A recently published paper by DeLellis Henderson and colleagues  evaluated the risk of colon cancer associated with the duration and recency of specific menopausal hormone therapy formulations: unopposed estrogen versus estrogen combined with progestin among 56,864 peri- and postmenopausal women who were participating in the California Teachers Study, a prospective study during 1995–2006 (mean age at recruitment around 62 years; 76% reported ever using hormone therapy (HT), 61% were current users). Altogether, 442 incident invasive colon cancer cases were diagnosed. The paper confirmed a number of observations that have been previously reported in the literature. First, a 36% reduced risk was documented among baseline (recent) hormone users compared with baseline never-users (hazard ratio (HR) 0.64, 95% confidence interval (CI) 0.51–0.80). Results did not differ by formulation of HT. Sub-analyses showed the following:
1. The highest reduction in risk was seen in women reporting on 5–15 years of recent HT use at baseline (HR 0.49, 95% CI 0.35–0.68).When hormonal treatment was used for more than 15 years, attenuation of protection against developing colon cancer was stronger in the recent-user groups of combined estrogen + progestin than in the recent users of estrogen-only therapy.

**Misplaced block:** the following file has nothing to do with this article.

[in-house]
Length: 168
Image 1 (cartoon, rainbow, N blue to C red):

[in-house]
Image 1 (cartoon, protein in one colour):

2. Women with a family history of colon cancer gain a greater protection against the disease compared to women who do not have such family history.
3. Estrogen-only therapy confers more protection than estrogen combined with a progestin.
Menopause Research Unit, University Hospitals of Leicester, Leicester, UK
Delellis Henderson K, Duan L, Sullivan-Halley J, et al. Menopausal hormone therapy use and risk of invasive colon cancer: the California Teachers Study. Am J Epidemiol 2010;171:415-25. Published February 15, 2010.
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